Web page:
From: NASA Education Office
Posted: Friday, April 16, 2010
As part of National Lab Day, NASA's Langley Research Center in Hampton, Va., will host a series of weekly live webcasts during the month of April through its Digital Learning Network. The series, which is aimed at teachers, supports the Obama administration's efforts to encourage educators to promote hands-on science education in their classrooms.
Though slated for May 12, 2010, National Lab Day is more than just a day. It's a nationwide initiative that gets volunteers, university students, scientists and engineers to work together with educators to bring discovery-based science experiments to students in grades K-12.
The National Lab Day webcasts are:
April 22, 2010, 4 p.m. to 5 p.m. EDT
Thomas Charlock, a scientist at NASA Langley, will give classroom demonstrations on global warming and atmospheric science. Learn how scientists measure the temperature of Earth and explain the effects of global warming. This webcast targets grades 3-12.
April 29, 2010, 4 p.m. to 5 p.m. EDT
Aerospace education specialist Brandon Hargis from NASA Langley will demonstrate how to teach students to become moon engineers. Students will design and build a solar hot water heater. This webcast targets grades 6-12.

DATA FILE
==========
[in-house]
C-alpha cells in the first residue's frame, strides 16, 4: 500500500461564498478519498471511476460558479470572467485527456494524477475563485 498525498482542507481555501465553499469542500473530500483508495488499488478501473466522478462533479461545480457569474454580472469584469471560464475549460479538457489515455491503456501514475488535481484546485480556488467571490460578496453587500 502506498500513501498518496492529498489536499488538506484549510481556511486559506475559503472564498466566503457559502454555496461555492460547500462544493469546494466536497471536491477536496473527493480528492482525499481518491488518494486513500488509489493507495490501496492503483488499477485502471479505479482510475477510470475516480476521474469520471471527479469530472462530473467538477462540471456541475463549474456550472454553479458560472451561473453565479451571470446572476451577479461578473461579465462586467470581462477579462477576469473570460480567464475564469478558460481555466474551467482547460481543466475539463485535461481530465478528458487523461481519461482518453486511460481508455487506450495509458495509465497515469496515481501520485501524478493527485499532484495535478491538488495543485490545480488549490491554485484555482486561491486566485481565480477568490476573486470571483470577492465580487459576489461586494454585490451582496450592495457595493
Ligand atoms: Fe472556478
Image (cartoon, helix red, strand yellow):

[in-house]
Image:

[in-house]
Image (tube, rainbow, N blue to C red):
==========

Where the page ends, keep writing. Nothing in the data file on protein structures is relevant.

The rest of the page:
April 30, 2010, 1 p.m. to 2 p.m. EDT
Join NASA scientist Dr. Joel Levine as he discusses the greenhouse effect. The temperature of the surface of Earth and the other planets is controlled by incoming solar radiation and the outgoing thermal or infrared radiation generated at the surface by the absorption of the incoming solar radiation. As the surface-emitted thermal radiation travels upward through the atmosphere, it is absorbed and then re-emitted by certain atmospheric gases, resulting in an additional warming of the surface. This additional warming is called the "greenhouse effect." The causes and consequences of global warming will be discussed.
NASA's Digital Learning Network allows the next generation of explorers to connect with scientists, engineers and researchers without leaving the classroom. The network provides distance-learning events designed to educate through demonstrations and real time interactions with NASA experts.
For more information about this series of webcast events, visit http://dln.nasa.gov/dln/.
If you have any questions about the National Lab Day webcast series, please contact Caryn Long at Caryn.Long@nasa.gov.
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